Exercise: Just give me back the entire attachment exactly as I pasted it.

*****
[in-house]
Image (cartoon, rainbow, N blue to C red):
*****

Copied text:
[in-house]
Image (cartoon, rainbow, N blue to C red):